2013 – GPSG Competition: Best Paper Prizes at the 6th LSE Hellenic Observatory PhD Symposium
GPSG Paper Competition 2013
Best Paper Prizes at the 6th Biennial Hellenic Observatory Symposium on Contemporary Greece & Cyprus
London School of Economics, 6-7 June 2013
Continuing its tradition of supporting and showcasing the work of young scholars, the Greek Politics Specialist Group (GPSG) recently launched a competition for the two best papers to be presented at the 6th Biennial PhD Symposium organised by the LSE Hellenic Observatory. Our competition received an excellent response and the panel of judges evaluated more than 30 papers of high standard, demonstrating the robust state of graduate and doctoral research on Greek and Cypriot politics, government and society.
We are delighted to announce that the prizes for the two best papers have been awarded to:
GPSG Best Paper Prize 2013
Katerina Loukidou (PhD Candidate, University of Athens) for her paper entitled ‘Formal and informal civil society associations in Greece: two sides of the same coin?’
Abstract: The paper examines key characteristics of civil society’s formal and informal aspects, through personal interviews with leaders and members of various associations in Thessaloniki. It explores the criteria for the selection of the operational type and focuses on the impact of the economic crisis to both formal and informal organizations. It concludes that, when it comes to activity or membership variations, there is no relationship between the economic crisis and the organizations’ form.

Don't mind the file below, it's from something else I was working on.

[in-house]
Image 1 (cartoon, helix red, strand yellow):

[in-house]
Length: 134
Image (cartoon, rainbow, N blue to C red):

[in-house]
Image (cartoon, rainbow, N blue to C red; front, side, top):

GPSG Best Paper Prize 2013
Ioanna Ntampoudi (PhD Candidate, Aston University) for her paper entitled ‘The Eurozone Crisis and the Politics of Blaming: Narratives, Identities and Discursive Patterns’
Abstract: The present paper investigates the public discourse that surrounds the Eurozone crisis and its management in search for an understanding of the cultural politics that have characterised it. Through a critical discourse analysis of media and elite rhetoric, the various ways that both German and Greek citizens are constructed as prototypical representatives of Core Europe and Periphery Europe, respectively, are explored. Furthermore, the ways that both Germans and Greeks are represented as distinct ‘nations’ and monolithic ‘cultures’ and constructed as either malicious ‘villains’ or innocent ‘victims’ are analysed and questioned. The analysis identifies two main tendencies, namely the trend towards essentialisms and the pattern of binary oppositions. These two linguistic and intellectual tendencies are intimately involved in an on-going process of identity formation with significant political implications, particularly for the distinctly normative conceptions of national and European identities.
The judges commended both papers for their clarity, originality and innovation. Each winner will receive a monetary prize of £150. The two papers will also be published shortly as part of the GPSG Working Paper Series. The GPSG Executive Committee would like to congratulate the two winners and thank all applicants for making this such a vibrant contest.